$31,275 for those who use married filing separate status (up from $29,000 for 2005). The exemption is phased out between AMTI of $75,000 and $200,100. Without the new law, this year’s exemption would have been only $22,500.

The new law also allows taxpayers to use various personal tax credits (such as the dependent care credit and the two college education credits) to reduce both their regular tax and AMT bills for 2006 only. This fix will prevent many middle-income individuals from being forced into paying AMT this year. The same rule applied for 2005.

Section 179 Deduction Rules for Businesses Extended

The tax law currently allows many small businesses to claim an instant first-year depreciation write-off for the full cost of most equipment and software additions (new or used). This is thanks to the "Section 179 deduction," which is a longtime favorite of small business operators.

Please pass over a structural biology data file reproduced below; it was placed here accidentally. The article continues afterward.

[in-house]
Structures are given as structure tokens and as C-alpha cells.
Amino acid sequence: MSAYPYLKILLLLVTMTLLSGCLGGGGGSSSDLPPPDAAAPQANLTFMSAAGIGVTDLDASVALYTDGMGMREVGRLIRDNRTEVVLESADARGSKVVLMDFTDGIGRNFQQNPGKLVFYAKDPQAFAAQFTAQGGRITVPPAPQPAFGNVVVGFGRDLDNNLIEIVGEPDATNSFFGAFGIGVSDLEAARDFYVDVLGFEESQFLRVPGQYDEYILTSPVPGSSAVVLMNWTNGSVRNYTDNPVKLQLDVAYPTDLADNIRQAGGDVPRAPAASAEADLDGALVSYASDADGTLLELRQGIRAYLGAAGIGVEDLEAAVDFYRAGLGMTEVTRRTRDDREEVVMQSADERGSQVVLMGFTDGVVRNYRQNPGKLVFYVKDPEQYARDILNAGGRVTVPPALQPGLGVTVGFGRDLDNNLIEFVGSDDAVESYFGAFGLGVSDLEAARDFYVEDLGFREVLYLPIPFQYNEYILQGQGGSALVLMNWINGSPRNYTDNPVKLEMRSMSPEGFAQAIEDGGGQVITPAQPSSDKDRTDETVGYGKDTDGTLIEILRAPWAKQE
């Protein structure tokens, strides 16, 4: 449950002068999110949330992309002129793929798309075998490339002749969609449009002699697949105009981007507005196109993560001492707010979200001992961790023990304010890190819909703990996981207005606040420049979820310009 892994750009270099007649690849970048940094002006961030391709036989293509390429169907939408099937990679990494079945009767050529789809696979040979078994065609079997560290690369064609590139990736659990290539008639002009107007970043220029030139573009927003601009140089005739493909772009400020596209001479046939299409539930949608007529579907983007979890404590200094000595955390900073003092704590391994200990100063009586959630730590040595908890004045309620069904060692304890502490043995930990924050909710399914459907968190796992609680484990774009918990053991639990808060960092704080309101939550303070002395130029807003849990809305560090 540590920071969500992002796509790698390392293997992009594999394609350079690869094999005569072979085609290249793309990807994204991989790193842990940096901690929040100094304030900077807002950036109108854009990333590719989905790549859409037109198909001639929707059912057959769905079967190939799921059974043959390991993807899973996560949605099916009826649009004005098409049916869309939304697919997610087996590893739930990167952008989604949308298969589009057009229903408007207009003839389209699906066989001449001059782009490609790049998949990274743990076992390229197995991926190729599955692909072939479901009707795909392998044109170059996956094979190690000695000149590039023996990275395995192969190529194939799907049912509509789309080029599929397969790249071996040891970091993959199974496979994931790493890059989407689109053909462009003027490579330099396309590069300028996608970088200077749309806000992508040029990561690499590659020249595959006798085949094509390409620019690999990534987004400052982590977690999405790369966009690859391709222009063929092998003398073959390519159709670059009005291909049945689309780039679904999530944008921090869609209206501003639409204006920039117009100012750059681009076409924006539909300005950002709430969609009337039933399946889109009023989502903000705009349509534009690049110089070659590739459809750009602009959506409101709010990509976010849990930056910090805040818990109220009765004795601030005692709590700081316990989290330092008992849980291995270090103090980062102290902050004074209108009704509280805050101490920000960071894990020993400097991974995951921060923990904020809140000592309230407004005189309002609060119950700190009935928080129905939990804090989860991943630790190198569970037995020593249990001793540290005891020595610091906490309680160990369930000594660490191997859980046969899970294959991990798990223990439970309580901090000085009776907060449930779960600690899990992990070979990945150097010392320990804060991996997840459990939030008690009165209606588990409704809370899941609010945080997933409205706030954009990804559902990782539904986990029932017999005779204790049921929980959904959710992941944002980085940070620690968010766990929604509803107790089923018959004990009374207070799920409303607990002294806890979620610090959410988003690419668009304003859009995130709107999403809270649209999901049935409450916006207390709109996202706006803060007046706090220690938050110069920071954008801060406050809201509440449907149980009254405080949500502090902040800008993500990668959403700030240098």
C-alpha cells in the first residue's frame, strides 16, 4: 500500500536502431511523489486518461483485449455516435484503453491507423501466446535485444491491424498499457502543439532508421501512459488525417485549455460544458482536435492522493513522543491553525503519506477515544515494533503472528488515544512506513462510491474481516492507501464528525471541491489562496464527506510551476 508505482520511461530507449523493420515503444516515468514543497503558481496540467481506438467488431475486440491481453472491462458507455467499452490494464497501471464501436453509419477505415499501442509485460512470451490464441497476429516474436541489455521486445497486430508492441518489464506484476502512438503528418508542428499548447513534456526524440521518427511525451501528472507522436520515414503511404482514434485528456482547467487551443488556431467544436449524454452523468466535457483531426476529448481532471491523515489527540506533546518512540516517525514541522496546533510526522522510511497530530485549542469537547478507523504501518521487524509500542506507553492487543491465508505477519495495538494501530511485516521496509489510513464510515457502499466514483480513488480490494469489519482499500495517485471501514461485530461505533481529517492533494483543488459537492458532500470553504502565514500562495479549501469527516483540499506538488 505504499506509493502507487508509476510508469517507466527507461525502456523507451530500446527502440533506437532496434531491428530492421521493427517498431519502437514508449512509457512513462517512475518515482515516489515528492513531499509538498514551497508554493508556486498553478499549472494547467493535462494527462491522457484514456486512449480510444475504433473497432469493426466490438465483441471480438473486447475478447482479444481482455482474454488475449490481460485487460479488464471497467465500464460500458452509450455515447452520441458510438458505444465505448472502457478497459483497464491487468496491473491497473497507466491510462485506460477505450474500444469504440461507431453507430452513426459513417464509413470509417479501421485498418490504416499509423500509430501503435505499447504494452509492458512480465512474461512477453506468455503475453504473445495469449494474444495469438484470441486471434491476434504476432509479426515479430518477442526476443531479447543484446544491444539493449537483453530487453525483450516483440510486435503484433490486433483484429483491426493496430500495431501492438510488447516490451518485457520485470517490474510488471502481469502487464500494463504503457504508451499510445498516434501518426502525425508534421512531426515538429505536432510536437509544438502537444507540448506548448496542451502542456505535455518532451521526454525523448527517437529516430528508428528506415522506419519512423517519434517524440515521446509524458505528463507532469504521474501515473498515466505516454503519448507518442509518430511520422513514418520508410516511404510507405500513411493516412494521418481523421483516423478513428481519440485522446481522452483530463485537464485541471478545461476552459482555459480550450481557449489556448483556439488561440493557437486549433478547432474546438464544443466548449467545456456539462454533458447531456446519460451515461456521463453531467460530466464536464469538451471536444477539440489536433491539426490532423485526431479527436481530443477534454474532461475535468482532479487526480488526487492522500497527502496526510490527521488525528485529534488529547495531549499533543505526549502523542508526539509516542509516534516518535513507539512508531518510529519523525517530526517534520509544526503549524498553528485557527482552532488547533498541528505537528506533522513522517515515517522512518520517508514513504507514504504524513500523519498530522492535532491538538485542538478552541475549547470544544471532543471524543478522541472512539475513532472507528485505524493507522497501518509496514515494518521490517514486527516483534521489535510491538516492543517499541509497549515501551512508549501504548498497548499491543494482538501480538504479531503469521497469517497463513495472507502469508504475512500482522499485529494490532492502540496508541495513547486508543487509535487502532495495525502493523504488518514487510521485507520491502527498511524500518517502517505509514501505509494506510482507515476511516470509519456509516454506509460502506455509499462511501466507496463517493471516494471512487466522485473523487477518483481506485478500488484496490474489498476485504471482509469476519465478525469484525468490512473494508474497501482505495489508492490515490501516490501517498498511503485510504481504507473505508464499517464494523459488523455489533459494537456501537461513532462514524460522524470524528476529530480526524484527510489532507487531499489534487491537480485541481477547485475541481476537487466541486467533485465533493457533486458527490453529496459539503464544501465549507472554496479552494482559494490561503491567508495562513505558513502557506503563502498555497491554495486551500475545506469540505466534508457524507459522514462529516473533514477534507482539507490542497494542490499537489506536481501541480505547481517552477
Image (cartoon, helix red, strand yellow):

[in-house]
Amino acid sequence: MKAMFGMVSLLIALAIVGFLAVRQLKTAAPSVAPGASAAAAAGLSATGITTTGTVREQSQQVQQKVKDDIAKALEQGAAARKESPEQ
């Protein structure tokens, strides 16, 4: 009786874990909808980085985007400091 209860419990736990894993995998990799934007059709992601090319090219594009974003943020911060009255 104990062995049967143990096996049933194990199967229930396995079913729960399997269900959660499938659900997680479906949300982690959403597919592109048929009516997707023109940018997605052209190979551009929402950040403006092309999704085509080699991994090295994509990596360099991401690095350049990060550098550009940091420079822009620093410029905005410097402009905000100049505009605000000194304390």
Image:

For tax years beginning in 2006, the maximum Section 179 deduction is a generous $108,000 (the amount is adjusted annually for inflation). However, the Section 179 write-off was scheduled to decrease to a mere $25,000 for tax years beginning in 2008. The new law extends all aspects of the current favorable Section 179 deduction rules (including annual inflation adjustments) by two years — through tax years beginning in 2009. For tax years beginning in 2010, the $25,000 limitation will kick in unless Congress takes further action.

No Income Limit for Roth Conversions — But Not for Awhile